5th March 2005 at 12:17 pm #628
Working for a Belgian society working in waste water treatments, I worked a little bit on sand filtration and I found articles on your site. Some weeks ago I also corresponded with mister Patani who advised me to contact you.
Next week I have to give 2 hours of courses about slow sand filtration in disinfection to African people who come from different country, to follow a formation on water treatment. I would like to talk to them about the project you already developed in some African countries, if you permit it…? In this context I wanted to ask you some precisions:
1) What kind of sand do you furnish with the filter?
W2) hen the owner scrap the sand (the schmutzdecke), what does he do with it? Is it washed or thrown away? In both case who has to do this? Is it the owner of the filter or someone else? And where is it stocked?
3) Is the clean water stocked in a tank? Or do they generally use it directly?
May I write you again if I have other question? Thank you.
6th March 2005 at 12:18 pm #629
You are not the first to ask these questions and we will be updating our website to include information on use and maintenance of the filter. Basically, there are several ways to restore flow rate after clogging up. The first is the traditional slow sand filter method, which consists of removing the top 5 cm of sand, washing this with clean water before putting it back (or else replacing the dirty sand with clean): the drawback of this method is the destruction of the bio-film (schmutzdecke): thus bacteriological water quality will be less for some days immediately following cleaning.
An alternative method is called wet harrowing. This has proved more easy and effective is to block (with a clean cork or so) the outlet spout of the filter. A bucket of water is then added and by hand the top sand is stirred up: this releases mud and filtered-out material into the water. Most, but not all of this muddy water is then scooped out. Finally, the cork is removed from the spout and filtration continues. The advantage of this method is that the sand it not washed totally clean and some sediment containing biological activity will settle immediately back on top of the sand: this restores the bio-film very rapidly. Few people in Africa take trouble to boil their water following filter maintenance, so this is important.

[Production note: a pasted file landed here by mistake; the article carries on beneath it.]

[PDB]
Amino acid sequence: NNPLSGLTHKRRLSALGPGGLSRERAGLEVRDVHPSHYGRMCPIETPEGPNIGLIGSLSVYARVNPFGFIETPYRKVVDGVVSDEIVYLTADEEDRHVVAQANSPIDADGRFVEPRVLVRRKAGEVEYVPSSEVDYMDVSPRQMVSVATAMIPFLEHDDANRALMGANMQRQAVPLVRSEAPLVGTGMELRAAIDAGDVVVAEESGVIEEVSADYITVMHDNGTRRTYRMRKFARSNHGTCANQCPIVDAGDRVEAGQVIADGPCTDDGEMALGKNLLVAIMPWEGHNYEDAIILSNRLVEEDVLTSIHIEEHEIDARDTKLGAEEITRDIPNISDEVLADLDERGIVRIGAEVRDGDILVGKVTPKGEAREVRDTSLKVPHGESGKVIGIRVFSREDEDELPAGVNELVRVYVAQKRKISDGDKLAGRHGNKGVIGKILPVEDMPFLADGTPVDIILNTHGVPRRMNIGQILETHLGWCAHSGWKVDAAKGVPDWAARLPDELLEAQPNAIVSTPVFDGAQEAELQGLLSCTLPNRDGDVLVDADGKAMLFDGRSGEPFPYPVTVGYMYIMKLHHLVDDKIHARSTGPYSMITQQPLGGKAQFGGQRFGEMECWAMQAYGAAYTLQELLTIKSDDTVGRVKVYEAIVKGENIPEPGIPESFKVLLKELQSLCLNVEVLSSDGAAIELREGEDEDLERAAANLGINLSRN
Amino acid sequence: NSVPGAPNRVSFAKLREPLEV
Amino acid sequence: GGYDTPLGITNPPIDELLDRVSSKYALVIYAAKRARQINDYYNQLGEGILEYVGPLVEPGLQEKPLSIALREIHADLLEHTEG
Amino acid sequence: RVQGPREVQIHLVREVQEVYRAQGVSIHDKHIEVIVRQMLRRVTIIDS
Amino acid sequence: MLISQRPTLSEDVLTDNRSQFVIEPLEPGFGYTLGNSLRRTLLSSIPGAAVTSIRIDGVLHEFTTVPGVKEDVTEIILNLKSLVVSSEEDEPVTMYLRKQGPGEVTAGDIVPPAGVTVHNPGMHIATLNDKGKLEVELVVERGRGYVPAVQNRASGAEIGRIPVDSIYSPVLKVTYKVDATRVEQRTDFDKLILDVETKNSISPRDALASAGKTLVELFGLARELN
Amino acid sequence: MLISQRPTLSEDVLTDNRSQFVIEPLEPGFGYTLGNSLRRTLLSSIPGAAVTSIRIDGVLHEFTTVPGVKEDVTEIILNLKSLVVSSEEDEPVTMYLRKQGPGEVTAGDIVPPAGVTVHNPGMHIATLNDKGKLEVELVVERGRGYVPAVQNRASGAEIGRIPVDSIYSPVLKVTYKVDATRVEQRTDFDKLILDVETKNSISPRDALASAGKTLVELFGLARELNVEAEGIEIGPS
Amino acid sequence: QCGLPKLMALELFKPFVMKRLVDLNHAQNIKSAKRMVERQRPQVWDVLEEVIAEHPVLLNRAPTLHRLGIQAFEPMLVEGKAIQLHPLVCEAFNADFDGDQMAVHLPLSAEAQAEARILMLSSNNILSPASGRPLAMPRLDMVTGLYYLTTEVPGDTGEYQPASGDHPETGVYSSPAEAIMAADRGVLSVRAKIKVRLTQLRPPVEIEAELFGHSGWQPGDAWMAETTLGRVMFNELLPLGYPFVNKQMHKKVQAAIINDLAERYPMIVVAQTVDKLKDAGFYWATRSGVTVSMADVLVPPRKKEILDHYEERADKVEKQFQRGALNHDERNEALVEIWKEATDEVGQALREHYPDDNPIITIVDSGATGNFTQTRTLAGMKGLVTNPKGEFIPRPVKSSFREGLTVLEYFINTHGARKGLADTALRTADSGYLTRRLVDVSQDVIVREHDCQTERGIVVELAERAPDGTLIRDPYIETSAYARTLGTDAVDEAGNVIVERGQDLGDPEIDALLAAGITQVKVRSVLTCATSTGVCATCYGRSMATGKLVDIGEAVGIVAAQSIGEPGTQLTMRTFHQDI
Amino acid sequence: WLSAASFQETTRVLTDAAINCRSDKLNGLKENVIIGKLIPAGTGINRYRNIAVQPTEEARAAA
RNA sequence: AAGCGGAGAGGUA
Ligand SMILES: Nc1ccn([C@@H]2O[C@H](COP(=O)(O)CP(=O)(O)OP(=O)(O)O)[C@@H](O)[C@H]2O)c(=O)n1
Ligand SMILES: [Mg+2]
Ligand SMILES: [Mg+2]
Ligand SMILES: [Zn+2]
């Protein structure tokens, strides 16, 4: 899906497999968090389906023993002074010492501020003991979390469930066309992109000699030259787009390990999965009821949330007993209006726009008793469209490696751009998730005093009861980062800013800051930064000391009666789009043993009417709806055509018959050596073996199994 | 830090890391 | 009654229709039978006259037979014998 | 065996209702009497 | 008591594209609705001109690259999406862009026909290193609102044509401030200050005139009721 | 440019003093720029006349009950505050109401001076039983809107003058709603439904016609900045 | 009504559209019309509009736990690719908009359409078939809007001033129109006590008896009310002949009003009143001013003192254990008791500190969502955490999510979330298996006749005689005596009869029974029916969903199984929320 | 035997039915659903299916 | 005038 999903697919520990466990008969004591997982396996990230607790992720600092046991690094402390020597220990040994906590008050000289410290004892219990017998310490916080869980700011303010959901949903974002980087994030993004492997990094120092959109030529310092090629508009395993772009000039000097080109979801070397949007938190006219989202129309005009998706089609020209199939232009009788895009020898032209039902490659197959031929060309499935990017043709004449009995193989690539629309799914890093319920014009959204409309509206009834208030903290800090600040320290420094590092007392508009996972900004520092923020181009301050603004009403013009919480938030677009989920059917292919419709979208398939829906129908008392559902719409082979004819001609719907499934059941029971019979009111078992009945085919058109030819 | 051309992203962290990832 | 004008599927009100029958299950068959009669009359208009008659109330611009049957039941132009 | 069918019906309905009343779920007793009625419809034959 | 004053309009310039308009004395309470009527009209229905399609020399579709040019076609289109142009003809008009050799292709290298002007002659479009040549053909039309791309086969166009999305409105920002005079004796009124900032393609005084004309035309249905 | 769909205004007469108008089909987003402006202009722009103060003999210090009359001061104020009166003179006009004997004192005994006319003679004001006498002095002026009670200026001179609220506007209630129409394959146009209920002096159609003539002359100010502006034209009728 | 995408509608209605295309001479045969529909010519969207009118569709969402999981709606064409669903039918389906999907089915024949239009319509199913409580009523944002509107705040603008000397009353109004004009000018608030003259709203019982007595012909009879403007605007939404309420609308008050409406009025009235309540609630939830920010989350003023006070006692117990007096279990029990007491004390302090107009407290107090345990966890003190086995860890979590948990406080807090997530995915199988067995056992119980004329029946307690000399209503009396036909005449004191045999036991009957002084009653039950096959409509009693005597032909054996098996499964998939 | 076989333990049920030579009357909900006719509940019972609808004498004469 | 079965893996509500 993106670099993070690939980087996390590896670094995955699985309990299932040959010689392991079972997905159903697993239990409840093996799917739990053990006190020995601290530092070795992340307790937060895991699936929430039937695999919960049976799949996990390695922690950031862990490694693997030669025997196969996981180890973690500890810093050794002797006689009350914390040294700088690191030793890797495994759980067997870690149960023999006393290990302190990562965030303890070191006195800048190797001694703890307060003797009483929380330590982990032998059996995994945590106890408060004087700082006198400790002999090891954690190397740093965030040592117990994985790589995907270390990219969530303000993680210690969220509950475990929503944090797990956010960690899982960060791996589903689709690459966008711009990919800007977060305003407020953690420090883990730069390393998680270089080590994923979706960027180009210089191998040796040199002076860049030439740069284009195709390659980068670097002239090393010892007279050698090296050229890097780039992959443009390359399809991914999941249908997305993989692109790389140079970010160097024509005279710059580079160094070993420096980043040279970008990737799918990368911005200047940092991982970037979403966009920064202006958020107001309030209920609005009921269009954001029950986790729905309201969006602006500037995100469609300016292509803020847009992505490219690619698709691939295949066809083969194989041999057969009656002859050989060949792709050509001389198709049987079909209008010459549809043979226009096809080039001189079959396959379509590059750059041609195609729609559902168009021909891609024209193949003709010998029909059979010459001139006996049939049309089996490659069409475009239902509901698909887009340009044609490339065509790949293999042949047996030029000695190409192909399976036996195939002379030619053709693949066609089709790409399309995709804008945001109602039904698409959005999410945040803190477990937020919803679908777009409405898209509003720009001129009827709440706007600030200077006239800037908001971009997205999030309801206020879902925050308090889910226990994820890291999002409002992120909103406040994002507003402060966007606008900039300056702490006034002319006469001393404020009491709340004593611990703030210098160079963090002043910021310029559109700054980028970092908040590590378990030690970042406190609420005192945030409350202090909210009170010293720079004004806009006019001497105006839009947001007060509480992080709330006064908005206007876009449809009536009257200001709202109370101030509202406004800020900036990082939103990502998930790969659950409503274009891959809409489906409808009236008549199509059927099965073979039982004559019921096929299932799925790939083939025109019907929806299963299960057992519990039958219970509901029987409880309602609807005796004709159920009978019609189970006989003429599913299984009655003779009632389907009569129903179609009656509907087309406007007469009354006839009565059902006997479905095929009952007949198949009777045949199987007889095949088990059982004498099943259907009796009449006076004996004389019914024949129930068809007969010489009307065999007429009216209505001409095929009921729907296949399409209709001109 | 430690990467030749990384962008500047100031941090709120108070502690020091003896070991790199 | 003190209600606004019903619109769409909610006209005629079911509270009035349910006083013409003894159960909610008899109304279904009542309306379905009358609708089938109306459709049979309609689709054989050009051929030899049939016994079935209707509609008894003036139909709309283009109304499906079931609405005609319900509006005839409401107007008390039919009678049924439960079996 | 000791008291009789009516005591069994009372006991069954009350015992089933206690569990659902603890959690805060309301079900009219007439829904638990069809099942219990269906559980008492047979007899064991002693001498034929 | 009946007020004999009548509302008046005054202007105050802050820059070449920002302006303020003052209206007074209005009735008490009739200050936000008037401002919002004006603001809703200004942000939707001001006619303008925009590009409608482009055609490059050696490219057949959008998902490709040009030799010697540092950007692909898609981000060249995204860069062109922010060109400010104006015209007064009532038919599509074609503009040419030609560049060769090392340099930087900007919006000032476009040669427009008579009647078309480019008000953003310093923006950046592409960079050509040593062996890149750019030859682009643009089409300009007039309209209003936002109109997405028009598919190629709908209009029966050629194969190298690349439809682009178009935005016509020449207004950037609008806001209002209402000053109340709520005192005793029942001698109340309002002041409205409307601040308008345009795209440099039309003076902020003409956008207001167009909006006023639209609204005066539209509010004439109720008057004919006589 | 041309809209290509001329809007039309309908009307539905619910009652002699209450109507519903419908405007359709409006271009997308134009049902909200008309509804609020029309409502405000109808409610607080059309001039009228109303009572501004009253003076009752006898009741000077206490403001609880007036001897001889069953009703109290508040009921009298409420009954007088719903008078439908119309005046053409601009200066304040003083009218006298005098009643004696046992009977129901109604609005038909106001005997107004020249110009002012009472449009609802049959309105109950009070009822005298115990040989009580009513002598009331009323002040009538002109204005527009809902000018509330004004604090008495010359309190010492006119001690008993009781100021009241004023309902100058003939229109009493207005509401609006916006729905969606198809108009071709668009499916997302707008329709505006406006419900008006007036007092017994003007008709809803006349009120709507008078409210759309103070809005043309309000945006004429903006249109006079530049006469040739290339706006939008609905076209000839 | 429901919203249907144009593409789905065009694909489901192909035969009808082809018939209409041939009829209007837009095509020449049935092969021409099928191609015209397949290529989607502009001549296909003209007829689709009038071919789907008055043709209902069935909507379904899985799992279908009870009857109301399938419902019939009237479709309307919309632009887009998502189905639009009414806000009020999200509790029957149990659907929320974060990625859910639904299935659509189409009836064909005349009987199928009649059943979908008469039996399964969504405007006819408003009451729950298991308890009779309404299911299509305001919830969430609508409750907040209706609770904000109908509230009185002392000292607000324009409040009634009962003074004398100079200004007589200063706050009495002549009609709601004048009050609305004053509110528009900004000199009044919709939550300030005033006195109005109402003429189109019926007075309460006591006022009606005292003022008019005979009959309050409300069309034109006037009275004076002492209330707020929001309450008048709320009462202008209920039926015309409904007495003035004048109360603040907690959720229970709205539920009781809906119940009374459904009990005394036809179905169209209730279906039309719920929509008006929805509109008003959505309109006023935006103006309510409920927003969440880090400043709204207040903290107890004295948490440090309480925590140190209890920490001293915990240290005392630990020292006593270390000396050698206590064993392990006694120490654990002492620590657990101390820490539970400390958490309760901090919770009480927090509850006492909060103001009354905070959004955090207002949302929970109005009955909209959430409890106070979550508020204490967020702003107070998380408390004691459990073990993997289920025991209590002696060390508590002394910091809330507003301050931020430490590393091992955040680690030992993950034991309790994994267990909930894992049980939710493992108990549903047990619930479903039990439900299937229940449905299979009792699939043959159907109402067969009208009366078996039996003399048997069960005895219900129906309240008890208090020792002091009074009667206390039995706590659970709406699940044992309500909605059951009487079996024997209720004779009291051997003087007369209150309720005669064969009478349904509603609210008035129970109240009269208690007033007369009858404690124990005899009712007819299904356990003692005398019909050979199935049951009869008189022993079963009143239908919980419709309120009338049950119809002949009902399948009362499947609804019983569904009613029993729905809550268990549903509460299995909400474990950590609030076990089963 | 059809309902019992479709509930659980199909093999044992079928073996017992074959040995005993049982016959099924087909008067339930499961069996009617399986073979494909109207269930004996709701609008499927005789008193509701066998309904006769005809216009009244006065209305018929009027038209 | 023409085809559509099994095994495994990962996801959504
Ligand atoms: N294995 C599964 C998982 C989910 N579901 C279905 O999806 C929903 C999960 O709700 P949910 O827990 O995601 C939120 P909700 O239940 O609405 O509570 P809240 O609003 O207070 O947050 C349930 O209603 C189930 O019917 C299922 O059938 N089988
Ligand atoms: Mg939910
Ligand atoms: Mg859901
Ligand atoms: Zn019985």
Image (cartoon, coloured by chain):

Maintenance of the filter is carried out by the owner himself: the procedure is very simple. When to do it: depends on ‘convenience’. The more clogged up a filter is, the lower the flow rate (which gives more time for the bio-film to be effective): so in one way the slower the better. In practice, most people clean their filter when it takes too long for the water to come out of the filter to be convenient: no set time schedule is necessary.
How is clean water used: this depends on the traditional practices, but we advocate the use of a jerry-can or narrow-spout pitcher instead of buckets, to reduce the risk of contamination after filtration. It would be good to stress the importance of including a sanitation and strong hygiene promotion component in any sand filter project: it has been well researched that the provision of clean water only has only a minimal impact on the reduction of diarrhoea and other water borne disease: a good project integrates sanitation and hygiene behaviour.
There are by the way other good methods available for household (or point-of-use) water supply, which you might want to look up on the internet. One is colloidal silver impregnated ceramic filter, promoted by Potters for Peace; the second is for instance the Safe Water initiative which is a chlorine solution and promoted by USAID, PSI and the CDC especially.
Feel free to ask me more if you need more information,
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